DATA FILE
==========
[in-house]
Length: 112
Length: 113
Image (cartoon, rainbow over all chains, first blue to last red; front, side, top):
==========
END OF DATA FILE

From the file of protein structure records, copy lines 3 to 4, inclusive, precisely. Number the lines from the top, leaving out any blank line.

Length: 113
Image (cartoon, rainbow over all chains, first blue to last red; front, side, top):